Bengals mailbag 2: Any competition at QB?

July, 20, 2014
Jul 20
8:00
AM ET
After looking at position battles in Part 1 of our final mailbag series before training camp begins, we open Part 2 with a look at the competition at the most talked about position on any football team: quarterback. Let's just get down to it: @ColeyHarvey: To answer your question, Jarrett, I'll give a simple "No." Chances are there won't be any competition between Andy Dalton and AJ McCarron at quarterback, at least not this year. The Bengals have stated rather emphatically this offseason that they believe Dalton is their man at the position. Although that hasn't yet translated to a contract extension for him, I'd still listen to their insistence about that if I were you or anyone else. That of course probably annoys some Bengals fans, but the fact of the matter is that the franchise chooses to cling to the good memories their star has given them. They think he can build upon them this year; not McCarron and not fellow backup Jason Campbell. It is worth noting that the additions of Campbell and McCarron behind Dalton give the Bengals greater assurance about the depth at the position than they have had in some time. It's also worth noting that during minicamp and organized team activities, McCarron was never in a position to challenge Dalton. He was recovering from an arm injury and learning his playbook. Campbell got his share of snaps, but the bulk of the reps went to Dalton. That might change a little in training camp, but don't read too far into it. Dalton probably will be sharing a lot more practice reps with the others, but that's only so the Bengals can keep him as fresh as possible for the regular season. It's much the same reason as to why you'll see other punters and kickers participating in camp as much as, if not more than the actual starters, Kevin Huber and Mike Nugent. @ColeyHarvey: I actually think the tight end production has been rather sound of late, Bill. As an example, here's a blog from earlier this offseason about just how good Jermaine Gresham has been in the red zone. That said, did the Bengals' production from their tight ends decrease over the course of last season? Absolutely. After catching a combined 54 passes through the first eight games, the tight ends had only 35 in the second eight. They also had three drops in the second half of the year, as opposed to two in the first. But none of that suggests there's something wrong with the position, the players or the coach, assistant Jonathan Hayes. I'd say the combination of scheme alterations and injuries affected a lot of what the Bengals were able to do with their tight ends down the stretch last season. Remember both Tyler Eifert and Jermaine Gresham missed time in the season finale with injuries. It also didn't help their cause much that other playmakers like receiver Marvin Jones emerged in the second half, taking some of their opportunities. The Bengals definitely would like greater production from their tight ends and believe they'll get it. Expectations are high for Eifert to emerge here in Year 2, and Gresham could very well be playing for a contract as he enters the final year of his rookie deal. While the Bengals are hoping to get more efficient plays via deep passes to outside receivers and yard-after-catch-generating screens to players out of the backfield, you can be assured they will have plays drawn up for the tight ends. Will you see either of the tight ends put up Jimmy Graham-like numbers? No. But don't worry, they ought to be effective, but primarily in certain situations. @ColeyHarvey: Interesting that you ask about Kevin Zeitler, NatiBuck513. We profiled him in this story from Friday. Zeitler told me last month that he dedicated his offseason to getting in better shape than he was last year. That's not to say he was in awful shape in 2013. He just felt that he was a little heavier than normal, and not as lean as he knows he can be. So, to get back to an old version of himself, he worked on his diet. It seems to have paid off. You know how jarring it is sometimes when you see someone you haven't seen for a while and they look noticeably different -- for better or for worse -- when you do see them again? That's how it was with Zeitler when I saw him at the start of the OTA schedule back in May. Why do I mention all of this? Well, because I do think that he could be in for a solid year as long as the mental matches the physical. If he's able to hone his play like he's honed his body, and if he's able to be a little more vocal and assertive on the line, then he's got a good chance to have that type of season. The question is, will Pro Bowl voters across the country recognize his exploits in Cincinnati? If the Bengals play well enough offensively, they will. @ColeyHarvey: I'm not 100 percent, TRL, but I don't believe ESPN is the only outlet with writers and commentators who see the AFC North having other legitimate contenders. I will say that I have gone on record a couple of times this summer as having said I believe the Steelers are improved and that I just can't see Pittsburgh's coaches, players, ownership and fans standing much more for the types of seasons the franchise has had the last two years. Offensive line injuries and a horrid rushing attack hurt the Steelers the most last season, and they devoted part of the offseason to bolstering that. They also added a solid outside linebacker in Ryan Shazier in the draft. In short, they may not have made themselves drastically better, but the Steelers have the pieces to be a better team this year. That, combined with the Bengals' slightly more challenging 2014 schedule makes me think the division will come down to the Dec. 28 regular-season finale at Pittsburgh. As for the Ravens, they'll be competitive, but the Bengals' real threat for the division crown is in the Steel City.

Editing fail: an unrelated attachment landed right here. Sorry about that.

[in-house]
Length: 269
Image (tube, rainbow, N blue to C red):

Coley Harvey

ESPN Cincinnati Bengals reporter